Effect of E-books on Reading Level, Reading Behaviors and Attitudes of Second Grade Students

Nov 13th, 2018 | Category: Research in Education, Today's Lutheran Educator
By Annette VanAken

Teaching reading is a primary focus for elementary educators and administrators. A foundational skill for school-based learning, reading is critical to future academic and vocational opportunities (Lesnick, Gorerge, Smithgall, & Gwynne, 2010). Yet, according to the National Assessment of Educational Progress (NEAP) report, sixty-six percent of fourth graders in the United States are reading below a proficient level (National Center for Education Statistics, 2013). Educational efforts have been made to address this issue as research has indicated that students reading below grade level in third grade continue to struggle throughout their academic activities (Francis, Shaywitz, Stuebing, Shaywitz, & Fletcher, 1996) and are more likely to be unemployed or earn incomes below the poverty level than students reading at or above grade level (Kutner, Greensberg, Boyle, Hsu, & Dunleavy, 2007). Recognizing the need to increase reading levels and to reduce the achievement gap by end of third grade, the United States Department of Education adopted the No Child Left Behind Act of 2001 (NCLB) revised in 2015 as the Every Student Succeeds Act (ESSA) to guide educators. An additional critical component of these laws for educators is the Enhancing Education Through Technology Act of 2001 (EETT), designed to assist every student in becoming technology literate by the end of eighth grade (Enhancing Education Through Technology Act of 2001, 2002).

Long-term effects of reading ability outcomes and policies requiring technology integration have increased the purchase of technology tools such as mobile devices in the K‒12 school systems (Gray, Thomas, & Lewis, 2010). However, evidence indicating the effectiveness of reading on mobile devices in different instructional reading environments is needed. In the 2012 Horizon report, Johnson, Adams, and Cummins (2012) suggested tablets as an alternative learning format to print materials for K‒12 institutions and described them as ideal devices for learning because of their portability, display, and touch screens. In particular, Johnson, Smith, Willis, Levine, and Heywood (2011) projected widespread e-book adoption within one year or less due to the increased access to mobile devices, suggesting the potential of e-books to transform the reading experience. As adoption of e-books read on personal hand-held devices increases in PreK‒12 classrooms, examining how this reading format affects the learners’ reading levels, reading attitudes, and reading behaviors in different instructional reading environments is imperative. As reading acquisition is not an innate ability but a complex learned process (Dehaene & Cohen, 2007), researchers and educators search to discover the most effective reading practices and tools to teach reading.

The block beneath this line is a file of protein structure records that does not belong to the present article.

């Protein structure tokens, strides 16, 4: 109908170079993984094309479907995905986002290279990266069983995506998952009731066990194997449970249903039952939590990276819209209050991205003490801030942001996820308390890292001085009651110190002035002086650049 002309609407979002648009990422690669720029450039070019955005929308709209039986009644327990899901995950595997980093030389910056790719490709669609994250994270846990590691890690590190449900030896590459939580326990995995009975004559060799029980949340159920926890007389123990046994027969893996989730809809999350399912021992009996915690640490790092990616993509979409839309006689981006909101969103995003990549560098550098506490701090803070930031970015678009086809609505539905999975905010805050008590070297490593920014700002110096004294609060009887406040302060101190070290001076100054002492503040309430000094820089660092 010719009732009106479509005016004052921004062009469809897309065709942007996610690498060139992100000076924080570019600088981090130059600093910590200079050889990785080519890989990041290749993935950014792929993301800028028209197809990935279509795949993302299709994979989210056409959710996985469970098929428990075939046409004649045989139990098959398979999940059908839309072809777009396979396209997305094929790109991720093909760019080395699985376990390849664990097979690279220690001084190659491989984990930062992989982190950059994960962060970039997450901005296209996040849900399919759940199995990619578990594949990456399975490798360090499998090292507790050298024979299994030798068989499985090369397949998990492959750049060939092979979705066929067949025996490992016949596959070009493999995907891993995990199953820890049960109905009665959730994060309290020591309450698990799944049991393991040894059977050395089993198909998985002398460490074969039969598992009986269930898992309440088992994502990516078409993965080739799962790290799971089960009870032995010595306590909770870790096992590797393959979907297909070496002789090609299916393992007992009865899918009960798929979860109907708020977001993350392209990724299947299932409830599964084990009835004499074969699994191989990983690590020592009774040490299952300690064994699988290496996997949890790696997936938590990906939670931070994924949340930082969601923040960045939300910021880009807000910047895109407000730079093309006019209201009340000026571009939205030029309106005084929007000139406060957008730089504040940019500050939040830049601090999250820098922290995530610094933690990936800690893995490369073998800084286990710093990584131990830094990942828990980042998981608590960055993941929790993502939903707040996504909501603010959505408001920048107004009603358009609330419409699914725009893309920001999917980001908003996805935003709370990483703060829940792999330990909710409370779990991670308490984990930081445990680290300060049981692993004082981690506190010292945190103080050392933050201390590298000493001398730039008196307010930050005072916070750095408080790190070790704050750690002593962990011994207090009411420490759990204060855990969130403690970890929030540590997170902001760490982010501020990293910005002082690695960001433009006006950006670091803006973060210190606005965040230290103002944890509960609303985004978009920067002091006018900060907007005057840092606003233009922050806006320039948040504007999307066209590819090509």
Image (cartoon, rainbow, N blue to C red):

Theoretical Basis of this Study

The theoretical bases for this research examining reading levels, reading attitudes, and reading behavior are the perspectives of cognitive-load theory and social-cognitive theory. These two theoretical perspectives provide support for technology to support literacy development, particularly through the use of e-books on hand-held devices. More specifically, e-books on hand-held devices may support (a) cognitive-load reading level, (b) reading attitudes, and (c) reading behaviors.

Cognitive load theorists have posited that human cognitive architecture consists of a limited working memory that interacts with a comparatively unlimited long-term memory (Leahy & Sweller, 2011; Paas, Tuovinen, Tabbers, & Van Gerven, 2003; Sweller, 1988, 2011). On its own, working memory has serious capacity and duration limits that allow for the processing of minor cognitive activities; however, these limitations are eliminated when working memory interacts with cognitive schemata (Paas & Sweller, 2012). Depending on the schemata of the readers, material that is complex for one individual may be simple for another (Sweller, 2010b). When extraneous cognitive load exceeds working-memory capacity, meaning breaks down for the reader (Sweller, 2010b). The opportunity to build fluency through highlighting phrases and individual words, in alignment with Vygotsky’s (1978) ZPD, may provide the reader with the means to co-construct meaning through interaction with the materials, thus supporting the development of the reader’s schemata. Likewise, it is possible that the features of e-books presented within the learner’s ZPD may serve to scaffold learning to support the readers’ actual developmental level and their potential developmental levels (Abdullah, Hussin, Asra & Zakaria, 2013). These assistive features do not exist in traditional books, leaving the reader to access assistance from another individual or to move on without support.